How To Watch and Stream Boxing Online

If you ever wonder how long humans have been interested in watching boxing, you can be safe in the knowledge that it is a very, very long time.

The Sweet Science may have only graduated into the spectacle it is today following the Marquess of Queensberry publicly endorsing and lending his name to a code which still stands. The Queensberry Rules, which developed boxing from bare-knuckle brawls, bringing a structure to the sport, were initially drafted in London all the way back in 1865.

Less than 70 years later, in 1933, the first televised boxing bout between Archie Sexton and Laurie Aiteri was aired by the BBC. From then on, it is safe to say, televised boxing became a pretty big deal. These days, scores of boxing bouts are televised, streamed, and purchased every single week.

So, how are you watching? Below, we take a look at the best ways to watch boxing online.

Paying to Watch Boxing Online

Boxing is a huge industry these days. The stellar qualities which are required in order to be considered as a superstar in modern times typically include more than just a fighter’s skill set. Boxing purists may scoff, but unfortunately, this is a different sport to what it was even two decades ago. Ask Floyd Mayweather Jr. and he will tell you that the ability to sell pay-per-views is just as important – if not even more important – as beating the best fighters in your division.

Why is this? Considering pay-per-view buys are essentially the most reliable barometer of a fighter’s popularity, he who sells more is the bigger star. Now, us, the buyer, must obviously decide if a fight is worth the price.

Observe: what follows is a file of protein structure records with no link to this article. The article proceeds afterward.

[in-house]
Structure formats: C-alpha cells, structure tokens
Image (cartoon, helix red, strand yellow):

Watching Boxing on Sky Sports

Sky Sports has had some pretty excellent coverage of boxing bouts all over the world since it first came to prominence in the 1990’s. Many fans will have memories of watching Nigel Benn, Chris Eubank, Naseem Hamed, Ricky Hatton, and a number of other British fighters battle their way to the top. This is not to mention the mega events involving the likes of Roy Jones Jr., Mike Tyson, Oscar De La Hoya, Felix Trinidad, Evander Holyfield.

Sky’s control on boxing over this side of the pond wilted a little but is certainly beginning to look as peerless as it was in the 1990’s. This is majorly off the back of Eddie Hearn’s Matchroom deal, which will see perhaps Britain’s most hyped fighter ever, Anthony Joshua, make the broadcaster his home for the foreseeable future. Then, there is Hearn’s billion dollar deal with DAZN which will see Sky show 16 more U.S bouts per year.

You can watch the majority of the fights via a monthly subscription which should set you back no more than the price of a couple of takeaway pizzas, with pay-per-events incurring an additional charge. You can stream the action to your desktop, mobile, or tablet/other device seamlessly.

 


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Watching Boxing on BoxNation